On the left-hand side of your Google Analytics dashboard, you’ll find the Audiences tab. Click on it to open up a drop-down, where you’ll find various ways to analyze your website visitors, including demographics, interests, location (geo), devices (desktop/mobile), etc. For example, clicking on Demographics shows you the age and gender of your website users.

Click on Behavior and then on Engagement to see a breakdown of sessions, page views, and session duration; this is a breakdown of how long visitors stay on your pages.

Behavior

Go back to the left-hand side of the dashboard and click on Behavior. Click on Site Content and then on All Pages to see the top pages of your website. You’ll see which websites are getting the highest page views and unique pageviews. Seeing which pages drive the most engagement helps you understand your target audience and lets you see which pages are the most valuable.

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Traffic Sources & Social Reports

On the left side of the dashboard, navigate to Realtime and then to Traffic Sources. You can find insight into where real-time traffic is coming from. Here are some of the types of traffic sources you’ll come across:

  • Organic Search - This is traffic coming to your website directly from Google/ When someone types in an organic search term like “home siding contractors in Los Angeles,” they come to your website from the organic search results.
  • Social Traffic - Social traffic consists of website visitors coming to your website via social media platforms like Facebook, Instagram, and Pinterest.
  • Referral Traffic - Website visitors who have arrived directly from another website are referral traffic. This includes users who clicked through to your website from Yelp or Home Advisor.
  • Email Traffic - If you have an email blast or newsletter directing people to your website, you’ll be able to view that specific traffic as well.

Data Studio

Don’t forget to look at Data Studio. Go to Customization on the left-hand side, and then Dashboards. You’ll see a banner about Data Studio with links to Audiences Overview, Acquisitions Overview, and Behaviors Overview. These are interactive reports that can be tailored for your easy review. For example, in the Acquisitions Overview, you’ll be able to filter by region, channel, device and time period. Scroll to the bottom to see the Source / Medium that traffic is coming from, and you’ll also see specific domains and social media channels.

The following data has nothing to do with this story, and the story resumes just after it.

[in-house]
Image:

Flow Visualization Reports

You can use this Google Analytics feature to track the customer’s journey through your site. A flow visualization illustrates the “path” that visitors take through your site. You can use flow reports to track how many users exit your website between steps, check traffic from specific sources or campaigns, and see where users are backtracking. Once you understand how customers are leaving the path, you can take informed actions to remedy it.

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Use Google Analytics to Grow Your Contracting Business

With practice, you’ll get used to these features and find even more. Don’t forget to link your Google AdWords account to your Google Analytics account. Then you can see metrics in your AdWords account and be able to view customer activity after a visitor clicks an ad.

Tracking metrics on Google Analytics will reveal what is working and what isn’t working to engage new clients and sign them up for siding installation.

As a result, you’ll be able to determine if you are meeting your goals, get some valuable insight on how to improve your website and multi-channel marketing efforts, and see more return on investment in your website.